No one could draw a good snarl like Steve Dillon. The English comic book artist got plenty of opportunity to exercise that muscle over the course of a nearly four-decade career, which started when he was only 16. Had his life not been tragically cut short this past weekend, who knows how many more snarls, grimaces, sneers, smirks, and roars he would have gone on to render. Writing for Vulture, Abraham Riesman offers an excellent tribute to Dillon as a comic book cinematographer, but I’d like to focus on his action and faces.
Dillon specialized in depicting hard men: Abslom Daak, John Constantine, the Punisher, half the cast of the seminal Vertigo series Preacher. There’s an inherent deadpan to the way he posed his figures; any given panel of people talking looks like it could be a shot from King of the Hill. He could draw crowds (there are many busy bars in his oeuvre), but never so cluttered that a reader can’t instantly discern what they’re meant to pay attention to. Despite his telltale long faces, Dillon’s art might at first seem so basic as to be nondescript. But then a scene bursts into action …
Very few comic artists have the ability to spill blood on the page as artfully as Dillon could. Splintered bones, gushing severed appendages, tearing flesh — and vomit. Oh, so much vomit. The queasy attention to detail brilliantly interrupts the simplicity of his character models. Preacher exploded on the US comics scene of the ’90s thanks in large part to its astonishing grossness (something that this year’s television adaptation on AMC has not come close to matching). There was nothing writer Garth Ennis came up with that Dillon couldn’t realize in all its dripping, oozing glory. The quickest glance at some of his panels can be enough to make you feel like you need a shower.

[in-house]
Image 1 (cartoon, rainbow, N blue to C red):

Then again, perhaps any decently skilled artist can make an action scene dynamic. Go back to the conversational panels. Look again, and you’ll find that Dillon’s seeming simplicity belies a sophisticated eye for emotion. In a 1998 interview, he noted, “Garth will give me nine pages of people sitting in one place talking, and he doesn’t want people distracted from what they’re saying … Other artists might tear their hair out on things like that, but I quite enjoy it.” From one panel to another, the reader can note subtle but telling shifts in the same character’s face. Dillon’s comics may have frequently drawn attention for their outsized subject matter (ultraviolent vigilantes, foul-mouthed crews of wayfarers, demon-conning chain-smokers), but his gift for expression helped ground his stories in humanity.
And when the time comes for big emotion, Dillon’s work is searing. In the climactic confrontation in Preacher, former friends Jesse and Cassidy have a brutal fistfight. The two-man scene is nigh operatic, perfectly cross-cutting between close-ups of anguished faces and mid-range action beats, so that every punch has an impact. The word balloons fill nearly as much space as the figures, to emphasize their full-throated invective. You can only read it with an orchestra blaring in your head. Dillon was not one to prettify his characters — even the attractive ones were kept solidly down to earth under his pen. And when they scream and bluster, as Jesse and Cassidy do here, their faces look like masks from Greek theater: heightened and painfully human at the same time.
Dillon’s influence is incalculable. Preacher alone set a standard for longform comic book storytelling which creators still hew closely to, even after 20 years. The long list of tributes that have rolled in from across the comics world in the days since his death are a testament to that. Though the man himself is gone, we can take small comfort in knowing that we’ll continue to see echoes of his style in comics for decades to come.